Aaron Brethorst

Round peg in a square hole, rabid generalist.

Education in America

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I was just reading slashdot (a bastion of ::cough:: insightful, useful comments, as everyone is, no doubt, aware), and I was absolutely shocked to discover a comment that actually made sense.

“Teaching children is a low-paying occupation, and you get two kinds of people:

1) Those who aren’t competent to do anything else (“those who can, do…”)

2) Those who have a calling to teach and are willing to accept substandard pay to do it.

Teachers in category one mainly teach by rote, following a rigid lesson plan, so a bright student who thinks and reads ahead is a problem. Of course, teachers in category 2 are delighted by this kind of challenge.

School administrators, of course, tend to be mostly in category one, since they don’t actually teach. And they tend to favor teachers in category one, because they don’t make waves. Basically the same mentality that leads them to favor a single computing platform… ”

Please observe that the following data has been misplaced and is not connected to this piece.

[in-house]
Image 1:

(in-context link)

it’s just really nice to see that there is, on occasion, someone who actually understands that some teachers really do love teaching kids, that they do it because they’re passionate about it, and that they get totally screwed by the system.

just so this makes more sense, both of my parents are public school teachers. It pisses me off that I just turned 21 (July 4), and I make $3000 less than my mom, who has been a public school teacher for about 16 years now. There is absolutely no reason why a person in what is arguably one of the most important occupations in the world makes about as much money as her fresh-out-of-college son. It’s just ridiculous that we value teachers’ contributions so poorly.

Of course, there is the argument that most teachers are incompetent. I can’t argue with this. There are a lot of teachers who are. Of course, if teaching paid well there would be more competition for positions, which would, in theory, increase the quality of educators in the system. This would not be an overnight panacea sort-of-thing, though. There are still too many terrible teachers who have gotten tenure, and are impossible to throw out. Nevertheless, it would still be a start. Contrary to most Americans’ expectations, there is no such thing as a quick fix. Change tends to be gradual. There really isn’t any way around this, so it behooves us to start fixing things sooner rather than later.

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